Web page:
A few months ago, I saw the models being released for G-Shock’s 30th Anniversary, and was immediately drawn towards the DW-5030C. When these limited edition Project Team Tough anniversary models come out, they are typically VERY limited, and extremely hard to acquire. I dropped a note to Seiya to see if he had any, he quickly replied he didn't, but would notify me when they become available. Shortly after, I received an invoice, promptly paid, and 2 days later my mailman brought me a package from the Land of the Rising Sun.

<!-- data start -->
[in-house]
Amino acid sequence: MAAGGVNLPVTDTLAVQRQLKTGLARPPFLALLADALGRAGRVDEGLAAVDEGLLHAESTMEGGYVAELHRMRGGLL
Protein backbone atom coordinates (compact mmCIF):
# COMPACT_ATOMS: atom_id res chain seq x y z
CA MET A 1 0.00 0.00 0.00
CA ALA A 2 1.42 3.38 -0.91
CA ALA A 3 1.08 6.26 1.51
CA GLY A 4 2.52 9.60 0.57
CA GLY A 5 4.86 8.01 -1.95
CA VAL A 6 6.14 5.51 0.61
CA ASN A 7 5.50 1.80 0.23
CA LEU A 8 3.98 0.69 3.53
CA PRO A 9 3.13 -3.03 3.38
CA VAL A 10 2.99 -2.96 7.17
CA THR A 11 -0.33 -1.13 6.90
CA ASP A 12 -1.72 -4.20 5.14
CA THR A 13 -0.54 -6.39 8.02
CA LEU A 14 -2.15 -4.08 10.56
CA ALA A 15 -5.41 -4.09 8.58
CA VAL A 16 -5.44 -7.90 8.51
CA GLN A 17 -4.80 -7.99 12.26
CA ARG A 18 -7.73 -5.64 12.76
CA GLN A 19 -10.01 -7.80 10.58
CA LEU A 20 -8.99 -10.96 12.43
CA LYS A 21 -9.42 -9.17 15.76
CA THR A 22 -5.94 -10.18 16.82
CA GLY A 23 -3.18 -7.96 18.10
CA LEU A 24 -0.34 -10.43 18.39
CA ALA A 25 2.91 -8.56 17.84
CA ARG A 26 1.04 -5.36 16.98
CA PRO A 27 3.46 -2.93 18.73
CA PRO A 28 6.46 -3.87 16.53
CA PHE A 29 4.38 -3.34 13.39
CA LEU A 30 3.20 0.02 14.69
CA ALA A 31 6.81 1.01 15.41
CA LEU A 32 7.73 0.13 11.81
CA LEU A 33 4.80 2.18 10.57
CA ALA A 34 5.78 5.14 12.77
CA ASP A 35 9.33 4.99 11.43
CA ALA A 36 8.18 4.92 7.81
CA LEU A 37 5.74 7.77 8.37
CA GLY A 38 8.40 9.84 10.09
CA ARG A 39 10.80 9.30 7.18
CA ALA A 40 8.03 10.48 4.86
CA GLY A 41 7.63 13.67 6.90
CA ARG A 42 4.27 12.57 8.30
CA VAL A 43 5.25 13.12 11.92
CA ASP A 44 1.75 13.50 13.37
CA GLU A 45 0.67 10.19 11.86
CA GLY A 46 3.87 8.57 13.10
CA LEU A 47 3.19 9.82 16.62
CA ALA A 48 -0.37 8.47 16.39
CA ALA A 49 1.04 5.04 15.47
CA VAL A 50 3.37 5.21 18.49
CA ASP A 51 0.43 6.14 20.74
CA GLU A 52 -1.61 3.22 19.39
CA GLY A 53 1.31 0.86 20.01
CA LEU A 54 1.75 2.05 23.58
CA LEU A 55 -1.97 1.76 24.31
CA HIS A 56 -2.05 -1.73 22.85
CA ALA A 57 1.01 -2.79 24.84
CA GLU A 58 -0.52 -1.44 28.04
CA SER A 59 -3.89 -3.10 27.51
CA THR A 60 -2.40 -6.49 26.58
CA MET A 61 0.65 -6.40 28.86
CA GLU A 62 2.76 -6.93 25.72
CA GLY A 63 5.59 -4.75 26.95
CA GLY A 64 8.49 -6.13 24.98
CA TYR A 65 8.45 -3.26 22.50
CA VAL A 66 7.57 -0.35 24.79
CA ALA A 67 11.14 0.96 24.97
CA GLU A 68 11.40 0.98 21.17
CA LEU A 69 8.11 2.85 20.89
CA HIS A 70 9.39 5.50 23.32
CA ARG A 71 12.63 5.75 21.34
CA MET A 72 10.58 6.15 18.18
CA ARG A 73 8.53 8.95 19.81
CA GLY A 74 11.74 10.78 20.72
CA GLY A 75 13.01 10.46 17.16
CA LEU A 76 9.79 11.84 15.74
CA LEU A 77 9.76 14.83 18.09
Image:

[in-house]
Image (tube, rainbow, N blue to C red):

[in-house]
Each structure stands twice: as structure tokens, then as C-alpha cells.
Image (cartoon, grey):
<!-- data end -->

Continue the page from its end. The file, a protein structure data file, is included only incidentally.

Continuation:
Like the original Casio Packaging of 30 years ago, it is no frills. Simple cardboard box with off white coloring and the 30th Anniversary design. The box looks like, and is designed to look like it has been sitting for 30 years. It reminds me of an old Baseball Cooperstown Collectible packaging. Some folks on the forums were disappointed with the Cardboard instead of the tin, or hard case, but I like it very much. Sliding off the sleeve reveals a 2 piece cardboard box. Opening the top is a slot where the watch sits in plastic wrapping with tags, and adhesives to keep its Rose Gold Steel keeper and Black polished Screwback finish intact. Pulling the watch out reveals it's paperwork underneath it, written in Japanese. The DW-5030C offers the classic Module # 3421. I like simplicity in my Classic type collectibles, and this watch does not disappoint. No Atomic or Solar, simple old fashioned battery power.